• Decide on, and execute, any one-time campaigns to promote the release (e.g. email campaign)
  • Develop any product collateral (e.g. quick start guide, user manual, video tutorials)
  • Update any corporate web pages ahead of time for a coordinated launch activity
On the business development side:
  • If applicable, business development activities to land partners will need to carry on in parallel with all these other activities. For instance our music app for small children might benefit from having Suzuki string teachers on the roster to provide expert answers.  The business development activity for this app would then involve recruiting and engaging these partners.
On the customer support side:
  • Determine customer support policy – first tier, second tier, email / phone coverage, languages and hours supported, turnaround time, etc.
  • Develop on line help / FAQ (this could be done entirely via a searchable, hierarchical knowledge base)
On the legal / regulatory side:
  • Develop end user license agreements / terms of use
  • If applicable, obtain regulatory clearance if the product or service requires it (our example does not require anything, but a medical site that, say, provides diagnostic guidance to various illnesses might have to look into FDA 5(10)k)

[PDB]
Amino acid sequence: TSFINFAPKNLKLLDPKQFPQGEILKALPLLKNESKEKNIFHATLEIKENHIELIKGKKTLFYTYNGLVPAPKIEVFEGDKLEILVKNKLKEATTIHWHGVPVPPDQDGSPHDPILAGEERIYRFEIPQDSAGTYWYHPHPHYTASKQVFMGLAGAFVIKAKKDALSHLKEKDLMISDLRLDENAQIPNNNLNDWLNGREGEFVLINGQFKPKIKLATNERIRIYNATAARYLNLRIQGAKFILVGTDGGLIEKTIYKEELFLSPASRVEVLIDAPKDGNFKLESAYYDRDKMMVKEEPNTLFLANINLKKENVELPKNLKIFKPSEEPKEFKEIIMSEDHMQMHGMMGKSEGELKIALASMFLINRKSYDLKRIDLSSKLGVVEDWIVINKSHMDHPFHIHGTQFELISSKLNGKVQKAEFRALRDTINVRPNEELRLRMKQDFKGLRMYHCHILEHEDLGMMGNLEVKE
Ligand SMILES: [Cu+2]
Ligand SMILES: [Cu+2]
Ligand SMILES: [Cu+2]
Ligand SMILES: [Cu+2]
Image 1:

There is a lot of work that goes into developing a new business and many different constituencies are involved.  A little bit of planning up front goes a long way towards helping to make the program a success (and to minimize the level of stress in the development process).

Product planning series: Staffing for success

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This is the third post in my Product Planning Series.

I decided to write this post after realizing that the actual activities and functional disciplines involved in building a new product are not necessarily apparent to people new to the game or seasoned professionals who come out of an unrelated functional discipline (e.g. finance).